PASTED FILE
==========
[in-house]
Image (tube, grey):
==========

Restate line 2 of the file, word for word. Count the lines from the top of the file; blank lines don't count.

Image (tube, grey):